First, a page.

D-Link router backdoor vulnerability discovered

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DLink

A rather worrying security vulnerability has been discovered which is affecting several D-Link branded modem routers. Posted on a website dedicated to Embedded Device Hacking, /dev/ttyS0, the vulnerability was discovered when one of its writers reverse engineered a firmware update from D-Link.

The security vulnerability will allow full access into the configuration page of the router without knowing the username and password. According to the blog post, when you set your user-agent on your browser to a certain string, the modem will skip the authentication functions and simply log you straight into the router – allowing you to configure anything at your leisure.

At the moment, there is no way to protect yourself from this

Of course, you do need to be connected to the particular router whether by Ethernet or Wireless to access the page – unless the router’s configuration page is publicly accessible. A quick web search can uncover hundreds of publicly accessible D-Link router configuration pages. TechGeek has independently verified the vulnerability on one of the affected models. At the moment, there is no way to protect yourself from this – just ensure you’re running the latest firmware on your router and you don’t have your routers configuration interface publicly accessible. According to the blog post, the firmware version 1.13 is affected and as well a small amount of known D-Link products:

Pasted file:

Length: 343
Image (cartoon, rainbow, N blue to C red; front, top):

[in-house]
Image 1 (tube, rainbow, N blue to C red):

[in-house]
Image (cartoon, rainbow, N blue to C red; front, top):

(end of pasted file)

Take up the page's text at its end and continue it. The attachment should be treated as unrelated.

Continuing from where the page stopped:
• DIR-100
  • DI-524
  • DI-524UP
  • DI-604S
  • DI-604UP
  • DI-604+
  • TM-G5240

Most of the routers above are end-of-life routers and most likely not supported by D-Link anymore. We have asked D-Link Australia to comment, however, at the time of writing this article, a response has not been made. You can read up on the technical details of the backdoor by visiting the website. Do you own a D-Link modem? Let us know in the comments.

Thanks @timeimp for the tip

Updated 14/10/2013: Post was amended to include information on which firmware version is affected.

Join the Conversation

  • uhClem

    Shouldn’t turning the web interface off be enough to stop this, even from compromised hosts on the local network?

    • 0ut4t1m3

      @uhClem The web interface option is specifically for access from internet side, local side access is always allowed otherwise you would loose all access to the config pages. Some modems allow a whitelist to be configured, this would allow only certain MACs or IPs to access the page, that would prevent local side attacks.

  • hegotego

    That actualyl does make a LOT of sense dude.

    AnonWonders.tk